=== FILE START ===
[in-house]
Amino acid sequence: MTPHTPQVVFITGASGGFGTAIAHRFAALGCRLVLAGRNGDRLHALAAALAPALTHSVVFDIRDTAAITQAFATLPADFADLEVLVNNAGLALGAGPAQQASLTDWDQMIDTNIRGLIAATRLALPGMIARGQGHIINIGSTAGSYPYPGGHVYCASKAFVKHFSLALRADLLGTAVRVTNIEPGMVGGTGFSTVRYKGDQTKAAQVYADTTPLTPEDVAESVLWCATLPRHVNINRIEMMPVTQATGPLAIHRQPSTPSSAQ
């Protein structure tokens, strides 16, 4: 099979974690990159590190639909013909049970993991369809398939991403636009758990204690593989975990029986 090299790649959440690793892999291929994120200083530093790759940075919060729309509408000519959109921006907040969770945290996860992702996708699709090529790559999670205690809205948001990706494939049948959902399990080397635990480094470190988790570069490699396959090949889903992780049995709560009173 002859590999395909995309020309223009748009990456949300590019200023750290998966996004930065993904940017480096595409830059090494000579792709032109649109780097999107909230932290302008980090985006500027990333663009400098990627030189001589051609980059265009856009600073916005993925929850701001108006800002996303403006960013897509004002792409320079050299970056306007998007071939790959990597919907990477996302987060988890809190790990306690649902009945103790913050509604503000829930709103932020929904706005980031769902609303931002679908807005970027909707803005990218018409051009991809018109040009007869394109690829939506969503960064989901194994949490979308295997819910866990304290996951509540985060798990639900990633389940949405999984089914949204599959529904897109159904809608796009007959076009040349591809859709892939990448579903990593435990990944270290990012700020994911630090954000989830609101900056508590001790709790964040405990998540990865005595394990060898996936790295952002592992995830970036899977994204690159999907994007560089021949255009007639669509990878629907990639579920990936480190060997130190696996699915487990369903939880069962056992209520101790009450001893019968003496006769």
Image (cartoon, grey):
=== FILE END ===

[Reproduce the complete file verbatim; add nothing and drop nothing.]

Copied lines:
[in-house]
Amino acid sequence: MTPHTPQVVFITGASGGFGTAIAHRFAALGCRLVLAGRNGDRLHALAAALAPALTHSVVFDIRDTAAITQAFATLPADFADLEVLVNNAGLALGAGPAQQASLTDWDQMIDTNIRGLIAATRLALPGMIARGQGHIINIGSTAGSYPYPGGHVYCASKAFVKHFSLALRADLLGTAVRVTNIEPGMVGGTGFSTVRYKGDQTKAAQVYADTTPLTPEDVAESVLWCATLPRHVNINRIEMMPVTQATGPLAIHRQPSTPSSAQ
């Protein structure tokens, strides 16, 4: 099979974690990159590190639909013909049970993991369809398939991403636009758990204690593989975990029986 090299790649959440690793892999291929994120200083530093790759940075919060729309509408000519959109921006907040969770945290996860992702996708699709090529790559999670205690809205948001990706494939049948959902399990080397635990480094470190988790570069490699396959090949889903992780049995709560009173 002859590999395909995309020309223009748009990456949300590019200023750290998966996004930065993904940017480096595409830059090494000579792709032109649109780097999107909230932290302008980090985006500027990333663009400098990627030189001589051609980059265009856009600073916005993925929850701001108006800002996303403006960013897509004002792409320079050299970056306007998007071939790959990597919907990477996302987060988890809190790990306690649902009945103790913050509604503000829930709103932020929904706005980031769902609303931002679908807005970027909707803005990218018409051009991809018109040009007869394109690829939506969503960064989901194994949490979308295997819910866990304290996951509540985060798990639900990633389940949405999984089914949204599959529904897109159904809608796009007959076009040349591809859709892939990448579903990593435990990944270290990012700020994911630090954000989830609101900056508590001790709790964040405990998540990865005595394990060898996936790295952002592992995830970036899977994204690159999907994007560089021949255009007639669509990878629907990639579920990936480190060997130190696996699915487990369903939880069962056992209520101790009450001893019968003496006769």
Image (cartoon, grey):